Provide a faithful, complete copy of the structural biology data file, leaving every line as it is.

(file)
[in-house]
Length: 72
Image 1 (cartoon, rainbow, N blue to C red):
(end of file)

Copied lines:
[in-house]
Length: 72
Image 1 (cartoon, rainbow, N blue to C red):